The Benefits of Exercise in Addiction Recovery
Some of the best things we can do for ourselves are oftentimes some of the hardest things to get ourselves to do. Some people love going for a jog, others can’t fathom how anyone runs a 5k on Thanksgiving. Exercise is beneficial for anyone, but it is especially helpful and important for those in recovery.
Most people in active addiction have great intentions about working out or doing the type of exercise they “like”. But, when it comes time after a long night of using or drinking, it seems nearly impossible to stick to a regular workout schedule. Now that you are sober, the goal of exercising can be much more attainable.
Benefits of Exercise in Recovery from Addiction
There are many physical and mental benefits of exercise in addiction recovery. By developing a healthy exercise routine you can continue moving forward in your journey. Here are just some of the benefits to consider.
It’s a Good Use of Time
When you are in active addiction, you are most likely devoting a large amount of time and energy to using substances. In recovery, you can suddenly find yourself with an excess of time. It is important to fill that space with productive habits and activities. Exercise is a great way to channel that energy in recovery. Lifting weights, running, yoga, or practicing a sport is a habit that you can participate in daily, and these types of activities can also help you blow off some steam.
Practicing mindfulness and meditation can help you better manage cravings and urges, especially in early recovery. Exercise is a great way to develop mindfulness and meditation skills. A daily jog or walk can also turn into a daily meditation practice with the right awareness. Simply focusing on the present moment, your surroundings, how your body is feeling, and even how your feet feel on the pavement can help develop the skills needed for recovery and growth. Adding music to the mix can also add to the relaxation experienced from mindfulness while exercising.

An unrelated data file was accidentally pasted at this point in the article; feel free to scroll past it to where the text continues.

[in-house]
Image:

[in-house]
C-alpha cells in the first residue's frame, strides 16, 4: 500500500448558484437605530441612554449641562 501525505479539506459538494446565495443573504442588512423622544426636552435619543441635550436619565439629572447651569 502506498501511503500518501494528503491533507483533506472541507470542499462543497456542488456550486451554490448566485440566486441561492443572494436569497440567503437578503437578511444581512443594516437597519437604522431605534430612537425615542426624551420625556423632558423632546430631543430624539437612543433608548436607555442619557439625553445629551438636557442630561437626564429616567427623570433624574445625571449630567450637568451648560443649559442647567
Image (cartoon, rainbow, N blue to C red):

Improved Brain Function
If you were into fitness before addiction, you know how effective a good workout is at lifting your mood. But you probably didn’t realize just how far the brain-boosting benefits go. There are many ways exercise improves brain function, like:
- Releasing endorphins, which reduces pain and increases one’s sense of well-being.
- Releasing serotonin, which decreases anxiety, lifts the mood, and promotes sound sleep.
- Releasing dopamine, which plays an essential role in preventing mood disorders and addictions.
- Increasing BDNF (brain-derived neurotrophic factor), which creates new neurons and strengthens existing nerve cells.
- Increasing glutamate and GABA (gamma-aminobutyric acid), which helps regulate emotions and concentration.
Regular exercise also improves your brain’s resilience to stress. By regularly exposing your brain to manageable amounts of physical stress, exercise improves your body’s ability to regulate its stress response. As a result, you’re more capable of taking psychological stresses in stride.
When you’re in active addiction you’re often surrounded by friends that are also involved with unhealthy addictive behavior. It is important in addiction recovery to develop relationships with friends who live a healthy lifestyle. An easy way to meet new friends is to get involved with social exercise groups, such as a team sport or running club. This will also keep you motivated, so working out continues to be a priority.
Creating a Wellness-Focused Lifestyle in Recovery
While exercise is an incredible tool for building a strong mind, it’s no cure-all for mental health problems. If you’re struggling in your addiction recovery, pair your exercise regimen with professional treatment and other actions that promote good mental health such as getting good sleep, implementing a healthy diet, finding meaningful work, spending time in positive environments and with positive people, and practicing mindfulness.
An active lifestyle doesn’t come easy to everyone. But sometimes, the things that keep us from working out — bad moods, high stress and low self-esteem — are actually a sign that we need to get moving. If recovery has been a challenge, it’s time to see if physical fitness can help it get back on track.
At Williamsville Wellness, we understand the importance of exercise in addiction recovery which is why we make it an integral part of our addiction treatment programs. Our residential treatment center contains an indoor gym with a variety of exercise machines and equipment, as well as a massage chair and sauna. We’re also located on a 400+ acre property with plenty of nature to complete exercise outdoors when the weather is nice. Contact us today to learn more about our facility and residential treatment programs.